Notified: May 23, 2000 Updated: September 26, 2000
After looking into the source code for Linux's netkit-telnet (version 0.16), I believe that it's not vulnerable to the PGPPASS problem. The client code that handles the ENVIRON option works okay if the server sends an empty list of variables (which means the client will send all "exported" environment variables), but fails miserably when a list of variable names is given. The code totally ignores ENV_VAR (which normally marks the start of a new env name), and when it comes across ENV_VALUE it will try to grok the variable name but stomps all over it with NUL bytes :-) So, to make a long story short, you can't use netkit-telnet to extract arbitrary variables from the user's environment. You can however retrieve exported variables. Unless the user does funny things in his .telnetrc file, the only variables exported should be USER, TERM and DISPLAY. So the damage that can be done with telnet: URLs is roughly the same as with rlogin: URLs. This does divulge some information, but only little more than an ident query would. My conclusion is that there's no urgent need to modify the rlogin and telnet clients in any way. In the long haul, browser vendors should probably rethink which URLs are allowed under which circumstances, and whether they require user confirmation (much like netscape's "you're about to enter a secure site").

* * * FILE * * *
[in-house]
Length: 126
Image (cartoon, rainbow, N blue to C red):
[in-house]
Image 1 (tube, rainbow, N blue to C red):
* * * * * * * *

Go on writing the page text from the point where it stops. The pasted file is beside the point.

The vendor has not provided us with any further information regarding this vulnerability.
The CERT/CC has no additional comments at this time.